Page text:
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Dear Partner: Don't Ruin My Sleep!

There are many articles written about how a healthy sleeper can support their partner with insomnia. But what happens when the healthy sleeper suddenly stops sleeping so well? Is there any chance for peace in the household? 

I recently learned a lesson on how to balance selfishness and empathy in the pursuit of sleep and happiness.

There was one good sleeper in the house

I have struggled with insomnia for most of my life. I spent many years chasing sleep and learning how to cope with sleep deprivation. Fortunately, my sleep improved dramatically after I learned CBTI techniques about 10 years ago. Most nights, I fall asleep quickly and wake up feeling well rested. Still, I know that I remain sensitive to stress and to changes in my environment. So, I expect to have a bumpy night or 2 here and there. And I know how to cope with it.

My partner has no such problems. He falls asleep, stays asleep, and wakes up smiling every day. He used to be very concerned about my "bumpy nights," and did not understand why I would get out of bed and go watch TV in another room. But he came to understand and support my process, even if he couldn't relate. Until now.

Now there are none

Recently my partner started waking up too early, sometimes 2 hours before he needs to. Once he's awake, he cannot get back to sleep. We can't figure out why he is suddenly waking up so early, especially after being an extreme night owl for so long. He swears he's not stressed.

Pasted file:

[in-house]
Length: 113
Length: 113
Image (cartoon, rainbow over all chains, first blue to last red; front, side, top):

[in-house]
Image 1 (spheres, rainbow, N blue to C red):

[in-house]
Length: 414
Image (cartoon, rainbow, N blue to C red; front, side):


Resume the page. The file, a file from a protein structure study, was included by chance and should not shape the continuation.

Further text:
Maybe his sleep needs have changed? Maybe his circadian rhythm is shifting? Maybe the garbage trucks are too loud outside our window? Is our bedroom too bright in the morning?

All I know is that while he's searching for some empathy and explanation, all I'm thinking is, "Please partner, don't ruin my sleep!"

Protecting my valuable sleep

I strive to be a supportive partner in so many ways, and I think I usually succeed. But I quickly learned that I can be outright selfish when it comes to sleep! Some thoughts that I managed to keep to myself:

  • Stop tossing in bed! Not because I am worried about his sleep hygiene, but because I don't want him to wake me up.
  • Go in the other room and be very quiet about it!
  • Only one of us can have insomnia!
  • Figure this out already!

Nope, this has not been my finest hour as a partner. It makes sense — it has taken me so long to sort out my sleep that I have become very protective of it. And I know many things can disrupt my sleep – from the sound of him walking out of the bedroom to my worrying about his sleep. 

I worry that any brief disruption to my sleep will trigger a whole new bout of insomnia. In an ideal world, neither of us would struggle with our sleep. In a manageable world, only one of us does.

Managing insomnia with my bed partner

After a couple of days, I gave up on the ideal situation and came back to reality. We went into problem solving mode. Since my partner is generally a good sleeper, basic sleep hygiene tricks helped him get back on track. 

We plugged in a noise machine to block the sound of the garbage trucks. We used blackout shades to keep the room dark in the early morning hours. And he started getting out of bed when it was clear he wasn't falling back asleep. After about a week of bumpiness, he's back to getting good sleep. And I'm back to my usual routine and empathic nature.

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